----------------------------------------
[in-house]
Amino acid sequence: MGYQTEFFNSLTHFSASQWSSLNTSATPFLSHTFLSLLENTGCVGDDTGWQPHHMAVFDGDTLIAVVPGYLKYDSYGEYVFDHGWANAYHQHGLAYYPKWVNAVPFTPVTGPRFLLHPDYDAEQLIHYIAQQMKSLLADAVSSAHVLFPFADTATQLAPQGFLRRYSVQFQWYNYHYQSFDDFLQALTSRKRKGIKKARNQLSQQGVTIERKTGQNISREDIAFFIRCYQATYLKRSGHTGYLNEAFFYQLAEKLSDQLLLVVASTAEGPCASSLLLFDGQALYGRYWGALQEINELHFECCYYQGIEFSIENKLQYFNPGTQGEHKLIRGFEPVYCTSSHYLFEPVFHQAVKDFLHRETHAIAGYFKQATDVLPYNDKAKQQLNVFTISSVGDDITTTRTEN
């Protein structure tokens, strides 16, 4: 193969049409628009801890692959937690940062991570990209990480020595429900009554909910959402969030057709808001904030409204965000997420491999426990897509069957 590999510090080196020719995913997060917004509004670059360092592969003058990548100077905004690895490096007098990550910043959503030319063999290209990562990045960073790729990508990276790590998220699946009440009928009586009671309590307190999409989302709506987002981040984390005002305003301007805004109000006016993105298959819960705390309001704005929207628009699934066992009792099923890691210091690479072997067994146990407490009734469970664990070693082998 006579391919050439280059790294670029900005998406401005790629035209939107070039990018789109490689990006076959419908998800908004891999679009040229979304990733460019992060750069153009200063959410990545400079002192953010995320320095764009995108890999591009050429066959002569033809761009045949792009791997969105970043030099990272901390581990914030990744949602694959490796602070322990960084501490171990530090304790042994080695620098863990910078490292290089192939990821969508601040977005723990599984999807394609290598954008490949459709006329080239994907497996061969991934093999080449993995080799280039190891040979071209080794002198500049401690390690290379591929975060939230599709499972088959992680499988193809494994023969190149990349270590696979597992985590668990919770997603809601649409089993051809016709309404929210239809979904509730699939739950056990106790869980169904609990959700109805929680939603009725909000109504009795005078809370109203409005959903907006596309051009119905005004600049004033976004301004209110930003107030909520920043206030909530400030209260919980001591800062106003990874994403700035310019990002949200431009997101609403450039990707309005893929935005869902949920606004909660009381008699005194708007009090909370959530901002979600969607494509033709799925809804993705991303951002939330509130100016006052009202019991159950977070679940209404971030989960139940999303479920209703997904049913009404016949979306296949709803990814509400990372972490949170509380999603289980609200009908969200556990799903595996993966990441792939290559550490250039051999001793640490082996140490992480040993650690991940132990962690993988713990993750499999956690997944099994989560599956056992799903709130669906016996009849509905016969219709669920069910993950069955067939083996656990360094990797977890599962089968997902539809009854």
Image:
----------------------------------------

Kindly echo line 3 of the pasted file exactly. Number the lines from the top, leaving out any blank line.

């Protein structure tokens, strides 16, 4: 193969049409628009801890692959937690940062991570990209990480020595429900009554909910959402969030057709808001904030409204965000997420491999426990897509069957 590999510090080196020719995913997060917004509004670059360092592969003058990548100077905004690895490096007098990550910043959503030319063999290209990562990045960073790729990508990276790590998220699946009440009928009586009671309590307190999409989302709506987002981040984390005002305003301007805004109000006016993105298959819960705390309001704005929207628009699934066992009792099923890691210091690479072997067994146990407490009734469970664990070693082998 006579391919050439280059790294670029900005998406401005790629035209939107070039990018789109490689990006076959419908998800908004891999679009040229979304990733460019992060750069153009200063959410990545400079002192953010995320320095764009995108890999591009050429066959002569033809761009045949792009791997969105970043030099990272901390581990914030990744949602694959490796602070322990960084501490171990530090304790042994080695620098863990910078490292290089192939990821969508601040977005723990599984999807394609290598954008490949459709006329080239994907497996061969991934093999080449993995080799280039190891040979071209080794002198500049401690390690290379591929975060939230599709499972088959992680499988193809494994023969190149990349270590696979597992985590668990919770997603809601649409089993051809016709309404929210239809979904509730699939739950056990106790869980169904609990959700109805929680939603009725909000109504009795005078809370109203409005959903907006596309051009119905005004600049004033976004301004209110930003107030909520920043206030909530400030209260919980001591800062106003990874994403700035310019990002949200431009997101609403450039990707309005893929935005869902949920606004909660009381008699005194708007009090909370959530901002979600969607494509033709799925809804993705991303951002939330509130100016006052009202019991159950977070679940209404971030989960139940999303479920209703997904049913009404016949979306296949709803990814509400990372972490949170509380999603289980609200009908969200556990799903595996993966990441792939290559550490250039051999001793640490082996140490992480040993650690991940132990962690993988713990993750499999956690997944099994989560599956056992799903709130669906016996009849509905016969219709669920069910993950069955067939083996656990360094990797977890599962089968997902539809009854």